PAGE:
Easter is this weekend and I wanted to make a fun centerpiece for the table for our Easter dinner. I have been inspired by the adorable egg vases I have seen floating around on Pinterest like this one, this one, this one, and this one. I thought I would try my hand at making my own egg vases. This was a super easy and fast DIY, and I think it is going to be perfect for our Easter table!
Here’s What You Need:
*Fake Dyeable Easter Eggs (I bought mine at Walmart)
*Dye (I used Procion Dyes that I had from fabric dying)
*Mini Spray Bottles
*Belt Sander or Dremel fitted with a sanding disk
The first thing you need to do is sand holes into your eggs. Set up your dremmel or your sander. Run the tip of the egg over the sander or sanding disk and grind down the tip of the egg until you have a hole in the top the size you like.
Next, you are ready to dye your eggs. You can use a dye kit, or you can spray on dyes like I did. Open up your mini spray bottle and add a tiny bit of dye into it. You only need a pinch. Fill the bottle with warm water and screw the lid back on. Shake it up.
Put on your gloves. Grab an egg and spay the egg all over with the dye you mixed up. Make sure you spray your eggs over a sink or tub, and rinse the dye out of the sink as you go. Once your egg is saturated with dye, set it aside to dry using the little paper rings that come with the egg kit. Repeat with your other eggs.
While your eggs dry, you can paint the egg carton if you like. Once the eggs are dry, load them into the egg carton and add your flowers, filling each egg with a little water.
Isn’t it cute! I just adore spring! Don’t you! I love how versatile this project is as well. You can totallychange up the look just by the dye and flowers you use. There are a lot of sweet egg vases and planters on pinterest to inspire you. Definitely give this DIY a try! You’ll love it! I’ll be back next week with another fun project. Until then…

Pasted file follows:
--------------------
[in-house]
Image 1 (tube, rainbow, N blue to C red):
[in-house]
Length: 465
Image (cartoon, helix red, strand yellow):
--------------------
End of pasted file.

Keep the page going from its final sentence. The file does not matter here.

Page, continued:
Easter is going to be here before we know it! For all of you ladies that want an accessory a little more subdued than a fancy Easter bonnet, give this easy floral headband a try! This faux floral headband is really fast to whip up, and it is easy as pie!
Here’s What You Need:
*Skinny Metal Headbands
*Wire Floral Picks (I bought mine at Michael’s)
This diy is so simple! The first thing you need to do is separate the floral pieces in your floral pick. You can usually just pull branches off of the main stem. Once you have your floral pieces separated you are ready to add them to your headband. Take one of your wire floral pieces. You can trim the tail off to about an inch or so below where the floral piece starts. Take the end of the wire on the floral piece and wrap it around your headband. Wrap the floral piece around the headband a couple of times until it is wrapped all the way around and lies on the top side of the headband. Take a second piece of floral pick and wrap it around your headband just above where your first pick is wrapped. Continue on wrapping your floral wires around until you have as much as you like on your headband. I used one full floral pick on my headband, and I shifted the bunch to more of the side of the headband. If you wrap your wires well around your headband, you should not need to glue it in place, but you can add a few drops of glue to the ends if you like.
I love this little floral headband! It really adds a little spring sweetness to an outfit. You can wear it with your Easter dress, or jeans and your favorite soft tee. I love the simplicity of it, and how customizable it is! You can change the look simply by using different floral picks. I hope you guys will give this one a try! You’ll want one in every color! I will be back next week with another fun spring DIY. Until then…
I am so excited that spring is here and the weather is starting to warm up a bit! My spiraea has started blooming, and it won’t be long before everything else starts to grow. I recently snagged a set of little plastic vintage party favors, or nut cups as they are usually called. I wasn’t sure what I was going to do with them at first, I just knew I had to have them! Once I got them, I thought they would make the cutest mini spring garden containers to brighten up my home for spring. These mossy little gardens are a cinch to whip up, and they are oh so sweet sitting on a shelf or a little table!
Here’s What You Need:
*Vintage Party Cups/ Nut Cups
*Little Paper Flowers